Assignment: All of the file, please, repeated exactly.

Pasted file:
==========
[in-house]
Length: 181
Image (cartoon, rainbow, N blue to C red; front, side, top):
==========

[in-house]
Length: 181
Image (cartoon, rainbow, N blue to C red; front, side, top):